In terms of cost, we are able to educate them for far less than we would sending them even to a relatively "affordable" Christian school. Usually a few hundred dollars a year. I'm sure that will change as they get older, but right now it is not oppresive to us financially. Besides, Stacie is very crafty and can do quite a bit on her own in terms of resources. (She is a couponing master, for instance.)

    There's so many directions you could go. Use this time to explore, reach out to homeschoolers, and find what's best for you and your little ones. If you decide to homeschool the support is widespread. Give it a strong look!
  17. KMK

    KMK Administrator Staff Member

    The choice doesn't have to be either 'send my child off to public school' or 'homeschool on my own.' There is a plethora of public independent study charter schools which allow you to use your ADA money and still educate them at home. (For example, all 4 of my homeschoolers take weekly piano lessons at the county's expense.) Why not let your tax dollars go to work for your own children!
  18. Montanablue

    Montanablue Puritan Board Doctor

    Mom having a nervous breakdown isn't good for anyone.
  19. JBaldwin

    JBaldwin Puritan Board Post-Graduate

    There are so many ways to educate children, and for us, homeschooling was the only option. In addition to the advice given above, may I suggest you take some time to determine what is your philosophy of education. Ask yourself some questions:

    What worldview do you want your children to have?
    Are you interested in forming their character, are you interested in educating their minds, do you want to teach them to think for themselves?

    I don't think you can even think about what curriculum to use until you answer these questions for yourself.

    I highly recommend homeschooling, and I strongly suggest that before you start you decide what you want to accomplish for your children. The more vague you are about that, the more frustrated you will be down the road.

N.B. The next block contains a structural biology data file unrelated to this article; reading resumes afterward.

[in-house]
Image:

20. jwithnell

    jwithnell Moderator Staff Member

    I agree completely with Kathleen that there are some folks who really shouldn't be homeschooling. Even within a family, you sometimes see a parent-child combination that just doesn't work for schooling. But all of us as parents have a responsibility before God to rear our children to honor and glorify Him whether we home school, go to a private school, or even a combination. (Some Christian schools can be extremely accommodating to the home school community.)

    Let me encourage you to consider that the decision you make for your first year (outside of starting in the public schools) will not determine what you do in subsequent years. The difficult years for home school generally begin as you push up through middle school and beyond. Then you will get to where a block of work essentially must be done. Early on, you can be much more relaxed. If you want to use a set curriculum, fine. If you want to enrich your child's life with excellent literature, plenty of craft/coloring/painting time and hands-on practical experiences ("See! It takes two half cups of flour to make one whole cup ... do you want to measure next?") the literacy and numeracy skills are likely to follow easily. Now that I've home schooled all grades, I can promise you that your child will not end up in the federal pen because you made the wrong choice for reading in the second grade! Relax.